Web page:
Categories
Curriculum Planning Homeschool Planning Mom Thoughts

Should You Teach Cursive Handwriting to Your Kids

Should you teach your child cursive

Should you teach cursive handwriting to your kids?

I could just say YES and be done with this entire post.  But I guess I’ll elaborate.

So what are the reasons for teaching your children cursive?

 

  • Historical Documents are all written in cursive.
    Do we want a generation of people who are unable to read original historical documents?
  • Important family documents may also be written in cursive.
    Notes in the family bible, letters great-grandpa wrote home during the war, your great-aunt’s famous cornbread recipe – probably all written in cursive.  What good is it passing these mementos down to our children if they can’t read them?
  • Taking notes is quicker in cursive.
    I take notes every Sunday during church.  They’re all in cursive and pretty much everything else I write is print.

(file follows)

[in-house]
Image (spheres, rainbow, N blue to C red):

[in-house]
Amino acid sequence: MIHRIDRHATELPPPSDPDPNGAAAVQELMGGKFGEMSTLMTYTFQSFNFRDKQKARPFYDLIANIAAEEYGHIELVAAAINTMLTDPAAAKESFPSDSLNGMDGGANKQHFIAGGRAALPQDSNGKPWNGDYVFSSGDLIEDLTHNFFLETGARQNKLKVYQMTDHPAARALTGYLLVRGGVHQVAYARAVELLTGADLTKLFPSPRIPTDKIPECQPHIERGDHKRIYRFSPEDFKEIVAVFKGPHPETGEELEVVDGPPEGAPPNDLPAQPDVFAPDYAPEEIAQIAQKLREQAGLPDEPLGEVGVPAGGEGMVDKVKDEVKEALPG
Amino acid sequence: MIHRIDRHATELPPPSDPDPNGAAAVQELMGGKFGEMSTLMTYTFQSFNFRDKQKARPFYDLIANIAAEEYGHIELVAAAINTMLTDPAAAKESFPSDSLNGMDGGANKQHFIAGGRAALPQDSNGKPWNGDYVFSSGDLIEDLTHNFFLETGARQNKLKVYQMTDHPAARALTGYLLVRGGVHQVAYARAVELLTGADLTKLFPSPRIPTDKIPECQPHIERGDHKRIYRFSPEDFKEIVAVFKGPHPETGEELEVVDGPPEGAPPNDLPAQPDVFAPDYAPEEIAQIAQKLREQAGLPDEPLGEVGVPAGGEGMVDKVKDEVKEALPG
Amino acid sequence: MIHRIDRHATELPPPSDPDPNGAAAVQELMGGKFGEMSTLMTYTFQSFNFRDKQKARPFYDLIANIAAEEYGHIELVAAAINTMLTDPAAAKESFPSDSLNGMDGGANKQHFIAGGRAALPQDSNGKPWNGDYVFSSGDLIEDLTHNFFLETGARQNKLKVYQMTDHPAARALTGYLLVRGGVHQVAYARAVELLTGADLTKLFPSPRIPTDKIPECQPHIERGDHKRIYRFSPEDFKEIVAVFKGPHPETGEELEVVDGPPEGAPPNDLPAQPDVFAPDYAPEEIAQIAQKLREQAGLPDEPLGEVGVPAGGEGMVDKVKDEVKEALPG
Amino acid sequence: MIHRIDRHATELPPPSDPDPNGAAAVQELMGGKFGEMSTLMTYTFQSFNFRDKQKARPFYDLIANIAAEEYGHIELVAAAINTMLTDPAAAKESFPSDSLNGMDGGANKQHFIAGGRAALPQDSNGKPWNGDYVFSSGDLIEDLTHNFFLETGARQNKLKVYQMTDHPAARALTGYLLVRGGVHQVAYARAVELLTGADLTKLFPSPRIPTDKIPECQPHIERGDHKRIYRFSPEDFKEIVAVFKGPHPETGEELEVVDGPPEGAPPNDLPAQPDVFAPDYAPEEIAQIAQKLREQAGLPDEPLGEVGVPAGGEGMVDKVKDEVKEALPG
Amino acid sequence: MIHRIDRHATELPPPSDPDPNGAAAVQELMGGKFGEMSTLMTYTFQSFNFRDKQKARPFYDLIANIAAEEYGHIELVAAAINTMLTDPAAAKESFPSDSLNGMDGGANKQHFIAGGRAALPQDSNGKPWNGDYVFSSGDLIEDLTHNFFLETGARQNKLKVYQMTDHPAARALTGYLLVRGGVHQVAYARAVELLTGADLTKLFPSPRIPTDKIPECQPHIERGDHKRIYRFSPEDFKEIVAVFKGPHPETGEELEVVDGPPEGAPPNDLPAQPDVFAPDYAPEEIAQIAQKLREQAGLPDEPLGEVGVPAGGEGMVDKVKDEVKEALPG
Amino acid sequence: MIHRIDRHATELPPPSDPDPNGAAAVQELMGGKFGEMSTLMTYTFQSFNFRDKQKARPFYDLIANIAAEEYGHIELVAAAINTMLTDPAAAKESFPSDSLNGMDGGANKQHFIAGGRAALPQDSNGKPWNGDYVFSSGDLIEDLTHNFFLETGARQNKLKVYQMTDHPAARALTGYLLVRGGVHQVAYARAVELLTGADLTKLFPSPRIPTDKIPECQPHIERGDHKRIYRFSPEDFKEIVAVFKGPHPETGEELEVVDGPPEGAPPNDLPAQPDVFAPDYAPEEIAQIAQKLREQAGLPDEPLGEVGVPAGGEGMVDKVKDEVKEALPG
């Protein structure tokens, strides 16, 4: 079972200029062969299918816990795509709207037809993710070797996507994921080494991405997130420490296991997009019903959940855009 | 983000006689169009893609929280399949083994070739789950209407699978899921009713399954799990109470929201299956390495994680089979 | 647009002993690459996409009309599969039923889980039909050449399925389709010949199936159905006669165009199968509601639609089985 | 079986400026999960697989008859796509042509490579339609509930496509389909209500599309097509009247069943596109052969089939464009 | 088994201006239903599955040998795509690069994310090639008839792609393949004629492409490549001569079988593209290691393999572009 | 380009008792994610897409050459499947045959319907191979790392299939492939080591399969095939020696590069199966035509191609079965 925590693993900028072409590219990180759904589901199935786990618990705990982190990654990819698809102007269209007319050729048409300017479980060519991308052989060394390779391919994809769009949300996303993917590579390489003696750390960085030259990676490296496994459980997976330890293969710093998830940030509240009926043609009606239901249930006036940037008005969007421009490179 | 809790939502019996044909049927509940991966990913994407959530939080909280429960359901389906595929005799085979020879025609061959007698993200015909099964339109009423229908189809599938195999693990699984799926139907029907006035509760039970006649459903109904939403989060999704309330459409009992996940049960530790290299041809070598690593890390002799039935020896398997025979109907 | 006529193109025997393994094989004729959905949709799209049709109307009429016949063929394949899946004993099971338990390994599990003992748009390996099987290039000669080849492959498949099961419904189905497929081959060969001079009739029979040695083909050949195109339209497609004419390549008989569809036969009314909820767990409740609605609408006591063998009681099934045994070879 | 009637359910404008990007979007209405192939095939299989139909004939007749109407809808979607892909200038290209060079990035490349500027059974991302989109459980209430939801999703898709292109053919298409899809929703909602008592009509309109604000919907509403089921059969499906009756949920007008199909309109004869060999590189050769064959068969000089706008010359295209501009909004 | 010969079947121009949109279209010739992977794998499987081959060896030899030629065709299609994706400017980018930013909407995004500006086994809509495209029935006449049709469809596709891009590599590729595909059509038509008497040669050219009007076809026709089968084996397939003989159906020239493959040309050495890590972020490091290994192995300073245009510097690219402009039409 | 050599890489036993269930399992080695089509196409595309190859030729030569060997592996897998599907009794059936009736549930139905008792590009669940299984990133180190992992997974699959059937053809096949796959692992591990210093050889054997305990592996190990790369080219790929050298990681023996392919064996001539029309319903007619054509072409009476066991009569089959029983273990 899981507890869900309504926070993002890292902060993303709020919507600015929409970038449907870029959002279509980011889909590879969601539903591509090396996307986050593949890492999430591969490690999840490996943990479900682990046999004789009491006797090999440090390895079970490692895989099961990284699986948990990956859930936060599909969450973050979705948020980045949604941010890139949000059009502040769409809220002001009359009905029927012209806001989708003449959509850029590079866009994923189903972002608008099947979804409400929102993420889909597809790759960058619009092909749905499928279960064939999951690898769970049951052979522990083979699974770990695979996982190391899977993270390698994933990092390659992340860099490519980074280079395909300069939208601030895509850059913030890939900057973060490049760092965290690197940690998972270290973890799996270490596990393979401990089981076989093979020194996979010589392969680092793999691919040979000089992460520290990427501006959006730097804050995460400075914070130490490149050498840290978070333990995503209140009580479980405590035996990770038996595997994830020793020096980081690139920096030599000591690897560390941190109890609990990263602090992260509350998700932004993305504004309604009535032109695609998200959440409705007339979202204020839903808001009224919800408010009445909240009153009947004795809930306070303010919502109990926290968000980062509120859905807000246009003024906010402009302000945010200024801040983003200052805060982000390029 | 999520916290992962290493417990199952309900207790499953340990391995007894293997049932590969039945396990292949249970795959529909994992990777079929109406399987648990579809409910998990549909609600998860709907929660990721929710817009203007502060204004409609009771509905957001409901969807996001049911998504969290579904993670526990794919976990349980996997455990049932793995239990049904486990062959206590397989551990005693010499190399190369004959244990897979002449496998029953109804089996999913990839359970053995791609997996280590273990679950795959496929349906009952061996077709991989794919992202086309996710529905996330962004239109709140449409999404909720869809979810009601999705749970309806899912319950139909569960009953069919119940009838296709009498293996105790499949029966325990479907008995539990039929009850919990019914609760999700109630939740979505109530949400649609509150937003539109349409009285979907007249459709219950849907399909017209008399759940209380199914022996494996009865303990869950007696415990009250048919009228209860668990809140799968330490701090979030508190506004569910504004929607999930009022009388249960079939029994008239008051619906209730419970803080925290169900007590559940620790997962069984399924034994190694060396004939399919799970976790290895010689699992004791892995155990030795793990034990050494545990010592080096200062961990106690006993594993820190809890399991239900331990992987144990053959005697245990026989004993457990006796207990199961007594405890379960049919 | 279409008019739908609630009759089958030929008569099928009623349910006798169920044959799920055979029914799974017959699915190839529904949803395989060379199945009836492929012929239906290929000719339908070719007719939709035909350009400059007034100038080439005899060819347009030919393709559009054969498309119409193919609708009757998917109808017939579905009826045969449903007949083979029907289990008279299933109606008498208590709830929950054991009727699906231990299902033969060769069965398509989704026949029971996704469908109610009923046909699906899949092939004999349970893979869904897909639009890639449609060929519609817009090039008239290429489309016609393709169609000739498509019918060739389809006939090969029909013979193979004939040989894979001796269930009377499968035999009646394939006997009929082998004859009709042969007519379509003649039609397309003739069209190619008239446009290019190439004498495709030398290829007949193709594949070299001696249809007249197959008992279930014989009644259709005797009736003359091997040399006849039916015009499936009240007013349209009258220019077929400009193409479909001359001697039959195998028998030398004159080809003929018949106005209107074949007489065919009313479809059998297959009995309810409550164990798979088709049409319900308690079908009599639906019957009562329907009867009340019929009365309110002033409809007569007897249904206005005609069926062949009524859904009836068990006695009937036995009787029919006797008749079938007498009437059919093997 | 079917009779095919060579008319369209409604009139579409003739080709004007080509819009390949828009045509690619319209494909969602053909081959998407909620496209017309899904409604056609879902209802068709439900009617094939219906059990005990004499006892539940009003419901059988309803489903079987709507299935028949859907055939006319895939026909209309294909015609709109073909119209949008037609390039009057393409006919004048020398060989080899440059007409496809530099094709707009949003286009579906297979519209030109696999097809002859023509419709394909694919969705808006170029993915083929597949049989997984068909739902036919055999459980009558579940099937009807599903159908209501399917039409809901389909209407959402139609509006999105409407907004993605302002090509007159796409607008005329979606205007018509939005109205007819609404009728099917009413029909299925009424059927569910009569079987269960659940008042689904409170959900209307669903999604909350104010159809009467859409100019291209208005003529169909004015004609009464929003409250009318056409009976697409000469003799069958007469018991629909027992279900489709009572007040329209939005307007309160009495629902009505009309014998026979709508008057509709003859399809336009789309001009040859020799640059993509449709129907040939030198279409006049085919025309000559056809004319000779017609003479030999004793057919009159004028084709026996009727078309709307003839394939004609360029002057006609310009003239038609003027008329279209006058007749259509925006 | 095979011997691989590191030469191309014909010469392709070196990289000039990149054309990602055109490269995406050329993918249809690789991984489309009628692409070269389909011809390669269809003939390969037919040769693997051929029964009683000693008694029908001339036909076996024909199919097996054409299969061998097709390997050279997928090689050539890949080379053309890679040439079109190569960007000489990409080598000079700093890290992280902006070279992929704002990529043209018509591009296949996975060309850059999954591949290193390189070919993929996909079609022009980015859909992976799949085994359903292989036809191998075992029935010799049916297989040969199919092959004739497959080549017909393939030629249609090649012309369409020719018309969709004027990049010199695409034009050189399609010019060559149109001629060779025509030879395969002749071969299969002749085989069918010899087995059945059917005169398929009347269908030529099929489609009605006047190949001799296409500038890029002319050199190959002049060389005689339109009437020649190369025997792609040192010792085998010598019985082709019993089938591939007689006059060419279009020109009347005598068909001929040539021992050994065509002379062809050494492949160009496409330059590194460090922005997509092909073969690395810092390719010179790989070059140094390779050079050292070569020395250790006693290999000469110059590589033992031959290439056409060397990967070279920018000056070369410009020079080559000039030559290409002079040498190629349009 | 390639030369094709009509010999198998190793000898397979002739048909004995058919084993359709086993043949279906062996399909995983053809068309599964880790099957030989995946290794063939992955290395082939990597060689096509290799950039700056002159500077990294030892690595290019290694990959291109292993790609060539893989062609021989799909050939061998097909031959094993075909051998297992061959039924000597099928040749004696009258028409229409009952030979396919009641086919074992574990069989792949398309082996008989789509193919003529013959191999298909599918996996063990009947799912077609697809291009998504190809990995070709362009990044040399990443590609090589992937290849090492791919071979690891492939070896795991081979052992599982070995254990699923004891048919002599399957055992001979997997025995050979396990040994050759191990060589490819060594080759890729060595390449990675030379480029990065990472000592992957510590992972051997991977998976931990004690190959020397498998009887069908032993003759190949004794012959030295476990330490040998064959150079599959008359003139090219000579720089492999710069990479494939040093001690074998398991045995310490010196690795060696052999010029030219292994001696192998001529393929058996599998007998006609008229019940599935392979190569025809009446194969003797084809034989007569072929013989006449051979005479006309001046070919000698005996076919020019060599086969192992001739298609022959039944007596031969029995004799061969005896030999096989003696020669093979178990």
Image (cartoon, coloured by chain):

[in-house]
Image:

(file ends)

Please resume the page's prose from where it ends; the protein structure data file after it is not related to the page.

• Research shows that writing in cursive uses a part of our brain we don’t normally use.
    And I’m a firm believer that if you don’t use something you’ll lose it.  So I’m all for exercising as many parts of our brain as possible!
  • You have to know cursive to have a signature.
    Signatures are as unique as you are.  Without cursive, you’ll never have a signature.  And there are some pretty important things that require a signature – driver’s license, marriage certificate, legal papers, financial papers, etc.
  • It’s a fine motor skill.
    Meaning, the sooner your child starts practicing it the sooner his fine motor skills will be honed.
  • And probably a lot of other reasons….

Ready to start teaching cursive?

Download FREE cursive handwriting worksheets on Educents!

So, WHEN should start teaching cursive?

Well, I say it’s never to late to start!  I went to private school and I started learning in 1st grade.  I think that’s a good age to start.  I know some people teach their children cursive before they teach them print!  That’s okay too!